Ring Spun Cotton vs. Combed Cotton

Close up of a cotton

Stockbyte/Stockbyte/Getty Images

Textile mills develop different fabric treatments and finishes each collection season to excite designers as well as fabric purchasers. Cotton goods labeled as ring spun or combed, describe the textile treatment process and finish. Although the added processing generally raises the fabric cost, it also produces higher quality cotton with a softer texture, referred to as soft-hand. Garments manufactured with these cotton goods, like knitted T-shirts or fine woven blouses, retail at higher price points.

Staple Yarns

Natural fibers, such as cotton, require sufficient length, strength and pliability. The length of the fibers (referred to as the staple) varies, generally ¾ to 1 ½ inches for cotton. Mills producing cotton fabric separate fibers, using a process referred to as carding, prior to making the yarn. In cotton, carding removes dirt, debris and short fibers. This separating process passes fibers through a filmy sheet, funneling them into a soft mass called a sliver. These sheets then pass between rollers covered in fine-wire card cloth, brushing the sheets. This necessary process prepares the cotton prior to spinning or combing.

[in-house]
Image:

Producing Ring-Spun Cotton

Twisting fibers produces yarn. Spinning is the added process used to produce ring spun cotton. Since each textile mill's machinery varies, the spinning methods differentiate. The term "ring spun" ensures that the mill spun the yarn using ring frames. This process continuously twists and thins the cotton-fiber strands, producing a fine, rope-like thread or yarn. The more twists to the inch, the stronger and softer the yarn. Whether knitted or woven into material, the ring spun yarn retains its strength and softness.

Shopping for Ring-Spun Garments

T-shirts, skirts, rompers and dresses are just a few styles of clothing made out of ring spun cotton. Since this cotton type is made from fine yarns, the soft and smooth texture of the fabric is one of the main selling features. Designers include the term "ring spun" as part of the label to ensure customers of the garment's comfort, durability and softness.

Producing Combed Cotton

Lustrous and smooth cotton fabric most likely has undergone combing. The combing process makes the fibers parallel in the sliver by removing the short fibers, also referred to as staple fibers, from the long-staple cotton. The sliver is drawn out narrower and narrower, depending on the fineness of the yarn to be produced. Combing requires long fibers to produce the fine, uniform yarns necessary to give the combed cotton material its high sheen finish.

Shopping for Combed Cotton Garments

A quick way to differentiate untreated cotton from combed is to look at the fabric's sheen. If the garment does not have a pronounced sheen and appears flat or dull, most likely the item was manufactured with uncombed cotton fabric. Most designers label the styles as combed, alerting the consumer that they are purchasing higher quality goods, justifying the higher retail price. For instance, French voile or batiste blouses often use fine-quality combed cotton.